The Matthew-Sanders Sculpture Garden at Delta State University is loaning one of its sculptures, “Dancer 10,” to the International Ballet Competition in Jackson from June 10-24.
The steel sculpture, which was installed in the Matthew-Sanders Sculpture Garden in 2015, was created by artist Jack Howard-Potter. Like much of Howard-Potter’s work, the stunning piece conveys a sense of fluid action in space by exploring the wide range of movement of the human figure.
The piece was the purchase award winner of the 2015-17 class of sculptures.
“Dancer 10” was moved from Delta State June 7 and was transported to the IBC in Jackson, where it will remain until the competition is completed June 24. Competition attendees will be welcomed with the piece as they arrive at the venue, Thalia Mara Hall.
The Matthew-Sanders Sculpture Garden operates on a biennial competition, which brings in new pieces for exhibition. The competition provides opportunities for regional and national artists to exhibit their work, makes visible the university’s commitment to artistic endeavors, enhances the vitality of the campus environment, and offers students first-hand educational experiences.
The inaugural sculpture competition was held in 2000, becoming the first sculpture garden of its kind in Mississippi. The collection now boasts 22 pieces with the main garden in front of Delta State’s Bologna Performing Arts Center, along with a number of pieces installed across campus.
In 2015, pieces spread into the community starting at nearby GRAMMY Museum® Mississippi, and later, into historic downtown Cleveland.
The IBC is considered one of the world’s premier ballet competitions, providing ongoing dance programming and promoting new audience support. It is a two-week “Olympic-style” competition for top young dancers and a major stepping-stone toward a professional career.
Competitors from all over the world vie for gold, silver and bronze medals; cash prizes; and company contracts. The audience is filled with company directors interested in hiring dancers, and for this reason, many dancers leave with jobs — possibly the grandest prize of all.
Mona Nicolas, executive director of the IBC in Jackson, called Nan Sanders, co-founder of the sculpture garden, to see if the loan was possible. Sanders then contacted the chief operating officers of the garden, Michael Stanley, chair of Delta State’s Department of Art, and Ron Koehler, former department chair.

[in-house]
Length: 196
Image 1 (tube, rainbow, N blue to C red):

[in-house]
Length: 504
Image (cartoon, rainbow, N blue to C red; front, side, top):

“It’s such an honor for us to have a piece from the sculpture garden included at the International Ballet Competition,” said Sanders. “The piece is so fitting for the event, and I think it will be incredibly stunning for everyone to see. It’s also a great opportunity for us to spread the word about the sculpture garden.”
Stanley echoed Sanders’ excitement for transporting the piece to Jackson.
“It’s a beautiful sculpture and it fits right in with what the IBC is all about,” said Stanley. “We’re really glad to partner with them and provide the sculpture for the two weeks they’re in town. It’s a great opportunity for us to promote the Matthew-Sanders Sculpture Garden, and hopefully it will get some people from Jackson to come up and visit.”
Motivated by his study of human anatomy and movement, Howard-Potter works with steel to create large-scale figurative sculptures. His work has been on display throughout the world in outdoor sculpture parks, galleries and public art exhibitions.
“My sculptures seek to convey the motion of the body in extremely stressful and beautiful positions; the moment that a dancer is at the peak of a jump; the weightless split second before a body succumbs to gravity,” said Howard-Potter. “I am describing an ephemeral action in steel to convey this moment for eternity.”
Howard-Potter grew up in New York City, where he was inspired by the public sculpture of Alexander Calder, George Ricky and various performance, dance and artistic exposure. He earned a bachelor’s in art history and sculpture from Union College and has been making and displaying his original sculptures since 1997.
Sanders said she is honored to see how the garden has grown and expanded into the community through the years.
“It’s very gratifying to see the sculpture garden coming into its maturity,” said Sanders. “We have so many wonderful pieces now across campus, but the town has also bought into it with pieces at the GRAMMY Museum and in downtown Cleveland. It’s lovely to see how people have embraced it as a special feature for campus and community.”
Learn more about the Matthew-Sanders Sculpture Garden at http://thesculpturegardenms.com.